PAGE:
What Does “The Fantastic Four” Retro Illustration Suggest About Marvel’s Big Announcement?

Yesterday, Marvel made major headlines (and filled the hearts of many fans on Valentine’s Day) by revealing the cast of their upcoming, long-awaited reboot of The Fantastic Four.

As expected—but until yesterday unconfirmed—Pedro Pascal has indeed been cast as Reed Richards, aka Mr. Fantastic, and he’ll be joined by Vanessa Kirby as Sue Storm/The Invisible Woman, Joseph Quinn as Johnny Storm/The Human Torch, and Ebon Moss-Bachrach as Ben Grimm/the Thing. It’s major news, as the Fantastic Four are literally Marvel’s First Family, the very first superheroes created by the legends Stan Lee and Jack Kirby.

The reboot has been a long time coming. Marvel Studios finally got the rights to Fantastic Four in 2019 when Disney acquired 21st Century Fox, and they’ve been taking their time on how to reintroduce such legendary characters who, if all goes well, might finally make up for the loss of Robert Downey Jr.’s Iron Man, Chris Evan’s Captain America, and Scarlett Johannson’s Black Widow, all of whom said goodbye in various ways during Avengers: Endgame. Marvel will also make sure their new-look Four will differ in tone, substance, and style from the three films Fox produced—Fantastic Four (2005), Fantastic Four: The Rise of the Silver Surfer (2007), and a reboot, Fantastic Four (2015).

That style and tone might have been hinted at (let’s be honest, definitely was hinted at) in a new illustration Marvel revealed with the announcement—a snazzy illustration depicting the four stars, with Moss-Bachrach’s Ben Grimm fully in Thing mode. 

Here’s the art for The Fantastic Four that Marvel shared on Instagram:

It’s a great illustration, yet it also offers some potential clues as to how Marvel and director Matt Shakman are approaching re-introducing one of the most iconic super-teams in the canon. In the comics, the Fantastic Four’s abilities stemmed from exposure to cosmic rays while on a mission in their role as astronauts. This exposure is what gave the foursome their awesome abilities, from Reed Richard’s super elasticity to Sue Storm’s invisibility. The script for the new film comes from Josh Friedman, Jeff Kaplan, and Ian Springer.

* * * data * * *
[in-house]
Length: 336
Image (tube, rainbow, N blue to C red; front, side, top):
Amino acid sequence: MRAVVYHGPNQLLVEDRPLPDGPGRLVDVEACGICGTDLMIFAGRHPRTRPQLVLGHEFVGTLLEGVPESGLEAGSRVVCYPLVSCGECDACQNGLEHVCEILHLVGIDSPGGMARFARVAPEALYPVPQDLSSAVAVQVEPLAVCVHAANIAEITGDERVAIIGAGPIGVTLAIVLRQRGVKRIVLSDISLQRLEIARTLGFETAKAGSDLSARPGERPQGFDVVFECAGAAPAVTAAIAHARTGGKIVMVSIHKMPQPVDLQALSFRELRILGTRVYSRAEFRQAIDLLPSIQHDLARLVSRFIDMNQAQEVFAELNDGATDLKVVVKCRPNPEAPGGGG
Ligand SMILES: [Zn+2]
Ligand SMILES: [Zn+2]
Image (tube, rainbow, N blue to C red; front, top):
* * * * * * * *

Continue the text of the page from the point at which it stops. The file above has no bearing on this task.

The illustration offers a few clues. The most obvious is the overall aesthetic, with the retro title, the mid-century modern costumes and furniture. More interestingly, look at the magazine Ben Grimm is reading—it’s an issue of Life from December 1963. That makes it a fairly safe assumption that The Fantastic Four will be a period piece set in the 60s, which is something Shakman proved so capable of capturing with his stellar period work in WandaVision.

If The Fantastic Four is indeed set in the 1960s, that means it’ll exist apart from what’s going on right now in the major MCU timelines, possibly in a parallel world, considering we haven’t heard about them in any of the MCU films (you think someone like Nick Fury would have mentioned them by now). This will offer Marvel and Shakman something of a blank canvas, manna from heaven for filmmakers and performers looking to make the film their own. Sure, Marvel will connect The Fantastic Four to the broader MCU, with 2027’s Avengers: Secret Wars as the most likely convergence point for the Fantastic Four to merge with the rest of the franchise if they follow the storyline from the “Secret Wars” comics run from 2015. Yet, for now, setting the film in the 1960s and giving the characters the literal time and space to do their own thing sounds like a great plan for Marvel.

For more on all things Marvel Studios, check out these stories:

First “Deadpool & Wolverine” Trailer Reveals the MCU’s Version of a Super Bowl Showdown, Complete With Claws

Mark Ruffalo Not Returning as Hulk in “Captain America: Brave New World”

“Deadpool & Wolverine” Makes History as Most Watched Trailer Ever

First “Deadpool & Wolverine” Images Tease the Start of a Beautiful Relationship

Featured image: Logo art for The Fantastic Four.


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